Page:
ngc2207_hubble_960

Two spiral galaxies starting to collide. Image Credit: Debra Meloy Elmegreen (Vassar College) et al.,
& the Hubble Heritage Team (AURA/STScI/NASA)

The BlueTides simulation provides insight into what was going on when the universe was only around 1/2 a billion years old, with galaxy redshifts around 8 to 10. It does a good job of matching the limited observational data we have at such highredshifts, in particular the rest frame (before redshift) ultraviolet luminosities of the earliest detected galaxies from the Hubble Space Telescope surveys.

Their simulation finds that, among the most massive galaxies in their simulation, “a significant fraction are visually disk-like, and surprisingly regular in shape”. In other words, they appear to be the progenitors of present-day spiral galaxies. They find that, at a redshift of 8, a full 70% of their virtual galaxies with masses above 10 billion solar masses are classifiable as disks, since a majority of stellar orbits lie in the plane of the disk.

Fig1.Fengetal.milkyway

Simulated high-redshift galaxies from BlueTides – Figure 1 from Feng et al.

They also find that mergers are not of major significance in the build-up of these early massive galaxies. Rather it appears that they grew primarily by cold gas arriving from preferred directions, namely along filaments in the density distribution of the background gas. It is well known that the universe has a web-like or filamentary structure of high density regions interspersed with voids (relatively empty regions). This filamentary structure is believed on the basis of many simulations of the large-scale universe to have begun at an early date.

A future infrared satellite known as WFIRST will have a field of view 200 times larger than the Wide Field Camera on the Hubble. Also, its design for infrared radiation detection makes it appropriate for studying the light from high-redshift galaxies. The authors predict that a survey of 2000 square degrees with WFIRST should find roughly 8000 massive disk-type galaxies at redshifts above 8. Future very large ground-based telescopes will be able to make follow-up observations of galaxies discovered by WFIRST. Such observations will provide further insight into the nature of galaxy formation, including accretion of material from the background and the details of dark matter’s role in the process.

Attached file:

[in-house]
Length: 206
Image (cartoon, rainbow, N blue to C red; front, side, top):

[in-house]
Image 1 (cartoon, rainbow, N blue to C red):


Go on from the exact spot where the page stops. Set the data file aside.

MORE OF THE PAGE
Reference

Feng et al. 2015, “The Formation of Milky Way-Mass Disk Galaxies in the First 500 Million Years of a Cold Dark Matter Universe” http://arxiv.org/abs/1504.06618


Forming the First Galaxies: Blue Tides on Blue Waters

The largest high-redshift cosmological simulation of galaxy formation ever has been recently completed by a group of astrophysicists from the U.S. and the U.K. This tour-de-force simulation was performed on the Blue Waters Cray XE/XK system at NCSA and employed 648,000 CPU cores. They utilized approximately 700 billion particles (!) to represent dark matter and ordinary matter and to create virtual galaxies inside the supercomputer. The authors, who represent Carnegie Mellon University, UC Berkeley, Princeton University, and the University of Sussex, have given their simulation the moniker BlueTides.